10th anniversary of April 27, 2011 tornado: Pratt town library rises from its ashes
April 27, 2021
Today (April 27, 2021) marks the 10th anniversary of the day a massive tornado hit the Pratt City community of Birmingham, including the Pratt City Branch Library and surrounding neighborhoods. The tornado caused such massive damage that the library was forced to close. Fortunately, most of the Pratt City Library collection has been backed up and moved to temporary storage. Almost three years later, in February 2014, the Pratt City Library reopened with an all new design.
The new Pratt Town Library has a storm shelter installed, with concrete walls strong enough to withstand the winds of tornado force.
Reminding customers and staff of the importance of libraries and reading, the walls of the New Pratt City Library contain inspirational quotes from leaders such as President Barack Obama, former First Lady Jacqueline Kennedy and educator / activist Mary McLeod Bethune.
A special quote that stands out is a by American author / historian Studs Terkel, “All you need in life is truth and beauty, and you can find both at the public library.”
This E-F4 tornado had winds in excess of 180 km / h and was one of 62 that struck large parts of Alabama ten years ago, killing 248 people and injuring more than 1,500 statewide . Across the country, the April 27, 2011 tornadoes struck six states and killed 348 people, including more than two-thirds of Alabama’s casualties. They are the most killed tornadoes in the United States since March 1925. The same tornado that hit the City of Pratt Library traveled more than 80 miles, hitting Greene, Tuscaloosa and Jefferson counties.
Al.com published an article on February 10, 2014 during the reopening ceremony of the City of Pratt Library. The headline ‘Like a Phoenix’, taken from a quote by former Birmingham City Councilor Marcus Lundy, representing the Pratt City neighborhood, describes how the reconstruction of the area (including the library) is rising from the ashes. like a phoenix â.
Gwendolyn Amamoo, former chairman of the Birmingham Public Library Board of Trustees, addressed an entire crowd at the reopening ceremony, saying that although Pratt City Library has been destroyed and the community devastated by the tornado of April 27, 2011, “we are not here to dwell on that tragic April day. We are here to celebrate” its rebirth. The Pratt City Branch Library is “really a community center,” former Pratt City Library Branch Manager Deborah Blackmon said in an interview with NPR in April 2016, five years after the devastating tornado.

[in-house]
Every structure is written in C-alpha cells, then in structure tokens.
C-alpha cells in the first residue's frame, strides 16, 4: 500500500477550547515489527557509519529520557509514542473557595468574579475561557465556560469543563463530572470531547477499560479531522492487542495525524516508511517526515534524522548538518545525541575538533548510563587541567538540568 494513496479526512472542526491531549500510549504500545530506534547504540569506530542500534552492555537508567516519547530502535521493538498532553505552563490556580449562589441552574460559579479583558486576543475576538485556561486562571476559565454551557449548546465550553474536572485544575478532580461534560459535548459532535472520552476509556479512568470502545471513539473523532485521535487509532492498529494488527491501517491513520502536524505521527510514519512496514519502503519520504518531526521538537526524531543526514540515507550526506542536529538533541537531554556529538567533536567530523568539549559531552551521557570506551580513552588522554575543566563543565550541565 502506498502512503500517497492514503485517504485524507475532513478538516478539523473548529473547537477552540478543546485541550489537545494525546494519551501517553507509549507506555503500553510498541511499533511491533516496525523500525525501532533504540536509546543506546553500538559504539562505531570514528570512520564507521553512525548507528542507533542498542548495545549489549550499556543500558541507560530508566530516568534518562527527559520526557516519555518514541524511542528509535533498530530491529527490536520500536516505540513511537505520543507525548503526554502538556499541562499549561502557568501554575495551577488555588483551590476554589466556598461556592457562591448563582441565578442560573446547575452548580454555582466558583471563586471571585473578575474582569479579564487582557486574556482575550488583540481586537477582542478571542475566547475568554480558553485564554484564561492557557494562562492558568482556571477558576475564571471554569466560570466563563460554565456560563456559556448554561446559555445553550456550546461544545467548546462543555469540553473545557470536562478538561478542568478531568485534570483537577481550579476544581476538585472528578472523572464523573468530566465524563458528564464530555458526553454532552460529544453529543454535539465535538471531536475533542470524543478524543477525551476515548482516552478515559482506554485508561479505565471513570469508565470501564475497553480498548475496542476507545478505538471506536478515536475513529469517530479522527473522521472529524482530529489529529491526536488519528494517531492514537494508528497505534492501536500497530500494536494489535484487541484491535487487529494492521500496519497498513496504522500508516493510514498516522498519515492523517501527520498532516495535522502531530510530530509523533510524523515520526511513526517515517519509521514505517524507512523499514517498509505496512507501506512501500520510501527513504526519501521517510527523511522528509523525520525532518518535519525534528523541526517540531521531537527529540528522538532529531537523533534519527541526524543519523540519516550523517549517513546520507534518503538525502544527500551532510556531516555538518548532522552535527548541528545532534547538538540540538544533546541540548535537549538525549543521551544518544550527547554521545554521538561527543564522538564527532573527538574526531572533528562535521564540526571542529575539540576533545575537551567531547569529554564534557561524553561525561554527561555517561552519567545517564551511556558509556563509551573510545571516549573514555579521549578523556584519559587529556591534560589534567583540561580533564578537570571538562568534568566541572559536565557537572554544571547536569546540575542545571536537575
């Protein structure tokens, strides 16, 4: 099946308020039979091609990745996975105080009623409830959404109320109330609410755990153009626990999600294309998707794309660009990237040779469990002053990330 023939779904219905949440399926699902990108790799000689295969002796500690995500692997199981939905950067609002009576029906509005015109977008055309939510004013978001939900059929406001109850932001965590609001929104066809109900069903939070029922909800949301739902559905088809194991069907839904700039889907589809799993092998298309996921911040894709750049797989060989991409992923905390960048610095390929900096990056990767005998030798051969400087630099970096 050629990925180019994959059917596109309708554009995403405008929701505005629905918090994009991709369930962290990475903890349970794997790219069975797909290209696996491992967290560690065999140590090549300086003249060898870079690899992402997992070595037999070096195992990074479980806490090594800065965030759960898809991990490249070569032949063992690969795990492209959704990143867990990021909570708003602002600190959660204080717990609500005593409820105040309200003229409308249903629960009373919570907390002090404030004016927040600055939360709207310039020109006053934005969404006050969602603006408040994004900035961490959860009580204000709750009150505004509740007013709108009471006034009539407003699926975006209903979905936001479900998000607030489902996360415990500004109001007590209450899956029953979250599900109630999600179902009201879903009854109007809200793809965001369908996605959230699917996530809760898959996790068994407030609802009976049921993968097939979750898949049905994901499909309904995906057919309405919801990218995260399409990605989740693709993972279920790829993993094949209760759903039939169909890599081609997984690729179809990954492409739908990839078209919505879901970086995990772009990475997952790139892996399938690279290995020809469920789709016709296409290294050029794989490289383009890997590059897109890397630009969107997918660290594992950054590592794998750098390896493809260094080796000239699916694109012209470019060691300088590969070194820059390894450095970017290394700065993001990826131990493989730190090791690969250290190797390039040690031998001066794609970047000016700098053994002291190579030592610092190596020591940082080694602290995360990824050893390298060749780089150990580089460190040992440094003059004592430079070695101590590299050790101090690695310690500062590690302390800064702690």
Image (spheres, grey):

Now the tornado-devastated community has a whole new look, showcased by a beautiful new park outside of the City of Pratt Library. The city commissioned the same landscape architecture firm that created Railroad Park to create the park around the reconstructed Pratt City Library.
At the Pratt City reopening ceremony in February 2014, staff member Lenairria Creer, who has been employed there since 1995, recounted how she was personally affected by the April 2011 tornado. After the library was prematurely closed due to the approaching storm, Creer told stated that she had been to her house a few blocks away. This afternoon, the same tornado that hit the Pratt Public Library hit his home. She told attendees of the reopening ceremony that the destruction of the Pratt City Library was just as devastating to her as the loss of her home at one point.
âAt first I thought I was going to be a little depressed coming back,â she said, missing the old library. “But being that everything is new and all of the old is gone, it’s a sweet memory.”
Vincent Solfronk, Branch Manager of the Pratt City Branch Library, placed an exhibit “Remembrance of April 27, 2011” which contains photographs and newspaper articles showing the damage to the library caused by the powerful storm. It has been popular with patrons who remember how the storm devastated the area.
About BPL The mission of the Birmingham Public Library is to provide the highest quality library service to our citizens for lifelong learning, cultural enrichment and enjoyment. This system – with 18 locations and serving the community for 135 years – is one of the largest library systems in the Southeast. For more information on Birmingham Public Library programs and services, follow us on Facebook and Twitter @BPL.
This press release was prepared by Birmingham Public Library. The opinions expressed here are those of the author.